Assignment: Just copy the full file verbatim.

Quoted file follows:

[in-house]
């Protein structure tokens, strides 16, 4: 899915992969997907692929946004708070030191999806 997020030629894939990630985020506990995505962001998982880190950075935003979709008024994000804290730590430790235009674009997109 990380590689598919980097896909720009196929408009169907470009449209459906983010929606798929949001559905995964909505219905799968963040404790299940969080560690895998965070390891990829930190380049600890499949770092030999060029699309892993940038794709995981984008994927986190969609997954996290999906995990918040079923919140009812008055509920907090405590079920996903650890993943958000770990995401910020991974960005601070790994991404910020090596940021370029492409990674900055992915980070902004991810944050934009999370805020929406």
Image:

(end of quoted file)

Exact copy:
[in-house]
């Protein structure tokens, strides 16, 4: 899915992969997907692929946004708070030191999806 997020030629894939990630985020506990995505962001998982880190950075935003979709008024994000804290730590430790235009674009997109 990380590689598919980097896909720009196929408009169907470009449209459906983010929606798929949001559905995964909505219905799968963040404790299940969080560690895998965070390891990829930190380049600890499949770092030999060029699309892993940038794709995981984008994927986190969609997954996290999906995990918040079923919140009812008055509920907090405590079920996903650890993943958000770990995401910020991974960005601070790994991404910020090596940021370029492409990674900055992915980070902004991810944050934009999370805020929406």
Image: